After I got your attention with the word "stormy" let's get that subject out of the way first. There is a marginal risk, the lowest risk, of severe storms.
The area at risk includes part of NE Texas, most of SW Arkansas and SE Oklahoma. Generally, the storms could be on either side of I-30 and continue north across Oklahoma and Arkansas.
The greatest severe threat will be high with possibly damaging winds. This area of storms appears to stay north of I-30 from mid-afternoon through the evening as a cold front moves slowly toward the area. Rain chances increase overnight into Monday. Therefore, most folks will stay dry on Father's Day.
The other problem that will be prevalent, but often ignored, is the heat and humidity. Highs this Saturday will be in the mid-90s. When you factor in the high humidity, the heat index value, more commonly called the "feels like" temperature, will reach 100 degrees and a few may be 102 degrees, the threshold for a Heat Advisory. Thank goodness the 102 feel like readings will be few.
In a nutshell, sweating is your body's air conditioner. When your sweat evaporates, it creates a chilling effect. It may sound silly but stick your finger in some water then blow on it. You'll feel the chill on your finger. That's the cooling effect of evaporation. However, when the air we walk around in is saturated (high humidity) your body's sweat will not evaporate naturally. The air is so "wet" that it can't take anymore so the body's air conditioner stops working. Your house gets hotter if the A/C doesn't work and your body temperature does the same, it begins to go up.
There are three stages of heat emergencies: Heat Cramps, Heat Exhaustion and Heat Stroke. When in the first stage after prolonged time in the sweltering heat, muscles will tighten up or cramp. When in the second stage, there will be muscle cramps, dizziness, mild confusion, and fast heart rate or breathing, as well as profuse sweating.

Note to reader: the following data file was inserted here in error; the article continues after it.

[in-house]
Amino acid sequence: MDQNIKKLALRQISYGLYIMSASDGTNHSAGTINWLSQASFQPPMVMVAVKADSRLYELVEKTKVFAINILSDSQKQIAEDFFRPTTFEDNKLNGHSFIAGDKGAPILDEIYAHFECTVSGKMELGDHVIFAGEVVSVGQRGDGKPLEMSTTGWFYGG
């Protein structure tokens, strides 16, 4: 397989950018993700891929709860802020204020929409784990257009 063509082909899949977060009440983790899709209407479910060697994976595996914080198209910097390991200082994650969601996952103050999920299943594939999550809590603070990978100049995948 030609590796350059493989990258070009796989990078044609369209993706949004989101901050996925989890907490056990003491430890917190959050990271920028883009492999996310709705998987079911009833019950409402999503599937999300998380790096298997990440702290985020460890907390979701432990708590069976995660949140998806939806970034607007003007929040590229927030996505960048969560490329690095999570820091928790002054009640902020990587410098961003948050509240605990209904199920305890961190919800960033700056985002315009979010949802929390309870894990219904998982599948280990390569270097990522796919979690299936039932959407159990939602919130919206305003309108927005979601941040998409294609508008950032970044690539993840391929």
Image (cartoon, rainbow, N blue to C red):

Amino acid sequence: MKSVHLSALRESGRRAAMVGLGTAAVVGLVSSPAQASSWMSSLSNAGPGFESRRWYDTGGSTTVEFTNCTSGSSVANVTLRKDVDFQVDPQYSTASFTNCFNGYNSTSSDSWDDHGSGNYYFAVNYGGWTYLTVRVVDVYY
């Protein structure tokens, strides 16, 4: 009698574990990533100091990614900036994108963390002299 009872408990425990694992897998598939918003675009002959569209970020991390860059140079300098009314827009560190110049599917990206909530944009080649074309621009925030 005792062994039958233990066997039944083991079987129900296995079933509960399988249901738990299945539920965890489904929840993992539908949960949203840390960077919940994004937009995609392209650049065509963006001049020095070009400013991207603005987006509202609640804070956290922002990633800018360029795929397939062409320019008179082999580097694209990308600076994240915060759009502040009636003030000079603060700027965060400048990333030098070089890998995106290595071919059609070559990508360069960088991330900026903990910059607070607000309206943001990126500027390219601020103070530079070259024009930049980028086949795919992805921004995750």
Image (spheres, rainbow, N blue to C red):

The final stage is different and could be deadly. The victim's skin may be hot and dry to the touch due to dehydration. There may be confusion, shallow breathing, and weak pulse. The victim may be unconscious. At any stage, moving to a cooler place, drinking cool water along with cool wet towels to face and neck will bring relief. With Heat Stroke, time is of the essence. If possible, the victim should be moved to a cool place or shade and by any means available get the victim cooled down as fast as possible: cool, wet towels, ice to the underarms, neck, and groin, water from water hose if outside. You get the idea.
Of course, common sense, even this weekend, could keep you and your friends and family out of heat trouble. Take things slowly, take frequent breaks, seek shade to rest or even better, A/C. It's so important to stay hydrated with either cool water or sports drinks. Alcohol and caffeinated beverages do not work. They cause you to lose water.
I hope your Father's Day is rain free and a truly great day. As the summer progresses and gets blistering hot, remember what to do to stay out of heat trouble and remember what to do for someone who didn't read this.
Copyright KSLA 2017. All rights reserved.